By the late 1970s, however, the original space set aside for special collections was full. More materials in the Library’s general collections were recognized as deserving special care; these alone would fill the Treasure Room stacks several times over. Moreover, the Treasure Room, functioning as both an exhibition hall and as a special reading room, proved to be an unsatisfactory arrangement in the space formerly occupied by a classroom. The Treasure Room was not designed to accommodate portraits and other examples of the school’s growing collections of legal art.

    In 1978 the Library addressed the first of these concerns by constructing climate-controlled, compact stacks. At the same time, it assumed custody of the School’s legal art. The creation of the Special Collections Department in 1985, placed into one administrative unit the responsibility for the acquisition, cataloging, preservation, and research use of its rare book, manuscript, and art collections. With a revitalized exhibitions program and ever increasing use of the collections by scholars, it became increasingly apparent that the Treasure Room could not continue to serve simultaneously the several purposes for which it was originally intended. In May 1990, the Root Room, an informal student lounge on the fourth floor of Langdell, was converted into a reading room for researchers consulting special collections; the Treasure Room continued to be used for exhibitions and lectures.

    When the Library was renovated in 1997, the Department gained refurbished Special Collections reading room, the Root Room, with direct access for staff by stair and elevator to the two floors of compact stacks that house the Herbert Robinson ’40 Anglo-American Rare Law Book Collection and other rare book and manuscript collections. Two floors of office and work space for Historical & Special Collections staff adjoin the Root Room. A new office and visual materials storage area was constructed above the renovated Treasure Room, renamed the Caspersen Room in honor of Finn W. Caspersen ’66.

History of the Root Room & Caspersen Room

History of the Root Room & Caspersen Room

Root Room

The Elihu Root Room, located at the south end of the fourth floor in Langdell Hall, is the Historical & Special Collections reading room. It was named in honor of Elihu Root (1845-1937) when it was opened a year after his death. A leader of the American Bar, Root served on the League of Nations commission that framed the statute for the Permanent Court of International Justice in 1920. The room provides a secure and functional space for the use of the Library’s rare books, manuscripts, and visual materials. A portrait of Root, acquired by the Library in 1946, hangs outside the entrance to the Root Room.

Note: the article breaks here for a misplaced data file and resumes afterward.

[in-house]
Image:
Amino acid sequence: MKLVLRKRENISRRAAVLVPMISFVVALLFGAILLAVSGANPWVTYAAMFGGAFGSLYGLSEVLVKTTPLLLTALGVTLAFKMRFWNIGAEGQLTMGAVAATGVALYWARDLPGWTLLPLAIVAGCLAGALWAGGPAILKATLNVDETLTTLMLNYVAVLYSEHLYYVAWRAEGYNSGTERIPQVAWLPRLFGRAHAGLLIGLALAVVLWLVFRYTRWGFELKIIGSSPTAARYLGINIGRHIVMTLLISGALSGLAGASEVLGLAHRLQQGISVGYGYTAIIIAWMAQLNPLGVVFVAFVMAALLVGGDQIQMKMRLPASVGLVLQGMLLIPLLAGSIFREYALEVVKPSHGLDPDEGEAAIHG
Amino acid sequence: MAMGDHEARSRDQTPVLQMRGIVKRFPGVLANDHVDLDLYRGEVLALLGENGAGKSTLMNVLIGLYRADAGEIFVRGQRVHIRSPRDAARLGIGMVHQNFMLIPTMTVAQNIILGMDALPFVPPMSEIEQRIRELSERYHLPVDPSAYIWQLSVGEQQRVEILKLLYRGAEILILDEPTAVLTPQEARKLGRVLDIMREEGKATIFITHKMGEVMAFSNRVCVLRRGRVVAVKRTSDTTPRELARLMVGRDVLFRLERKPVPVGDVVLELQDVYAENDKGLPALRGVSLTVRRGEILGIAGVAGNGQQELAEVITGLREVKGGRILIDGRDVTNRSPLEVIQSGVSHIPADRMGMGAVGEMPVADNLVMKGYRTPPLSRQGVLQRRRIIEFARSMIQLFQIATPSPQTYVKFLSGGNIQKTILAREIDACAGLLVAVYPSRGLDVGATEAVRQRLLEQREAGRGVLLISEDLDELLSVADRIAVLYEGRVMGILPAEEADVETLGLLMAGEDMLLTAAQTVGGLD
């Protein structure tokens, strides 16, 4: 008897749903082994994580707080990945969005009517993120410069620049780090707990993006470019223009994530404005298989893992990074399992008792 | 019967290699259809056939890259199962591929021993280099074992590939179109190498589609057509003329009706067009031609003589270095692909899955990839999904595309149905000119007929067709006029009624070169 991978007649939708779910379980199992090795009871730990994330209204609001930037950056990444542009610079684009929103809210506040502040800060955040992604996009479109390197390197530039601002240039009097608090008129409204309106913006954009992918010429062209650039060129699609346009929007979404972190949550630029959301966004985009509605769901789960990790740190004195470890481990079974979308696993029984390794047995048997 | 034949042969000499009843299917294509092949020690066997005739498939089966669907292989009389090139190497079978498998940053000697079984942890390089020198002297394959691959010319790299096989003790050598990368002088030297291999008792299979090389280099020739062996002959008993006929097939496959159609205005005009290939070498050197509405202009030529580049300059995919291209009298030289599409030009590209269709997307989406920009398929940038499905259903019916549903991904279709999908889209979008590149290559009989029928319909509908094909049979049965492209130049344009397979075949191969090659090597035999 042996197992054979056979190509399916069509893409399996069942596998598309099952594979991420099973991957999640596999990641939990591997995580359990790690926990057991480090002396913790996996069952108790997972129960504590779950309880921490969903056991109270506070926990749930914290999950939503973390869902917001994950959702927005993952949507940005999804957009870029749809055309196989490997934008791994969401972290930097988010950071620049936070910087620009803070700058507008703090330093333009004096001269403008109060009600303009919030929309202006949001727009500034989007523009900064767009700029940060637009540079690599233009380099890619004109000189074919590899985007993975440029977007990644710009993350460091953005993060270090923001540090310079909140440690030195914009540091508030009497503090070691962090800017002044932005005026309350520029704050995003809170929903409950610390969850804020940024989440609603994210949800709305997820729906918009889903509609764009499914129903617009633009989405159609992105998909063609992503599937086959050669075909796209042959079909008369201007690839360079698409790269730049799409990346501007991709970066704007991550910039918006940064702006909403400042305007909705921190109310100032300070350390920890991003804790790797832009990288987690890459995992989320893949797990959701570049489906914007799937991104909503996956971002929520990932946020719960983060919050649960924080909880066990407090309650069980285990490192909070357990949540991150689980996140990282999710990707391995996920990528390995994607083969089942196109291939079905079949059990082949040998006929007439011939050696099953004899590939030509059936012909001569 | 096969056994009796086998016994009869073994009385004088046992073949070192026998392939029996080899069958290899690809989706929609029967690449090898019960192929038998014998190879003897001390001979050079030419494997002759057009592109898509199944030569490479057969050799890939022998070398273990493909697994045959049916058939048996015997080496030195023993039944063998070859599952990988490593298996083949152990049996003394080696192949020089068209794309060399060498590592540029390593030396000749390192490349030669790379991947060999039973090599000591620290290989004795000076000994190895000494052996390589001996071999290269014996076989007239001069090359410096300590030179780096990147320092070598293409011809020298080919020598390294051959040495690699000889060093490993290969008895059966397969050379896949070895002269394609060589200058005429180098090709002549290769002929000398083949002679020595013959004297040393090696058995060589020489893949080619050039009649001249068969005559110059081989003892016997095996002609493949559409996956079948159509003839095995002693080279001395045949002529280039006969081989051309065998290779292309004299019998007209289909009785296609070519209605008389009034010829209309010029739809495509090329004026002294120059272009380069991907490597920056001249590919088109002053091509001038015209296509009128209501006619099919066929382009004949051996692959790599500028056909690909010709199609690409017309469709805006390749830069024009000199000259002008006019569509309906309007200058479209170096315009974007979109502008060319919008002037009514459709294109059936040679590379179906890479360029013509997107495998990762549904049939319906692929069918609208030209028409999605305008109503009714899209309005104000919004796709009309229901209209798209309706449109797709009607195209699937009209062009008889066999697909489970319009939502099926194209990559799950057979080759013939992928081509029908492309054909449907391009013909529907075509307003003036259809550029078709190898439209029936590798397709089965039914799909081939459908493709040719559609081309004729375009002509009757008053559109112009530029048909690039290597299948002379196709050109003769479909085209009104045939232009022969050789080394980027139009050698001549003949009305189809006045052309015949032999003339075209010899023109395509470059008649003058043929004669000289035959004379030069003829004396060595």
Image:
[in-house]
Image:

Caspersen Room

At the north end of the fourth floor main reading room is the Caspersen Room (formerly the Treasure Room), which serves as an exhibit hall for material in the Library’s collections and as a venue for special functions at the School. It was opened in 1948 as a memorial to the School’s students and alumni who died in World War I and II. For over six decades the room has been a showcase for printed books, manuscripts, art works, and memorabilia that document the history of the law and of the Harvard Law School. The Caspersen Room is the permanent home for some of the School’s finest works of art, including the portrait of Isaac Royall and his Family painted in 1741 by the American painter Robert Feke, portraits of English barristers painted by Romney and Raeburn, a Dutch case clock once owned by Dean Langdell, and the round desk built in 1927 for Dean Pound. The glass-fronted bookcases contain part of Dean Pound’s personal library.

The Caspersen Room is generally open to the public from 9:00am to 5:00pm, Monday through Friday (closed for special events).



More information about the Library’s special collections can be found in the following publications:

  • Chadbourn, Erika S., “Documenting the American Legal Scene: The Manuscript Division of the Harvard Law School Library” in Harvard Library Bulletin, v. 30 (1982), pp. 55-73.
  • Dawson, John P., “The Harvard Collections of Foreign Law: Changing Dimensions of Legal Study” in Harvard Library Bulletin, v. 16 (1968), pp. 101-110.
  • Little, Eleanor N., “The Acquisition of the Dunn Collection of Early English Law Books” in Harvard Law School Bulletin (December 1955), pp. 10-11.
  • Pound, Roscoe, “Extracts from Notes by Roscoe Pound on the School’s Portrait Collection of British Judges and Lawyers” in Harvard Law School Bulletin, v. 5 (1954), p. 2, 7.
  • Pound, Roscoe, “The Harvard Law Library,” in Harvard Library Bulletin, v. 5 (1951), pp. 290-303.
  • Weber, Hilmar H., “Some Notes on the Stolberg Library” in Harvard Alumni Bulletin, (April 27, 1934), pp. 799-808.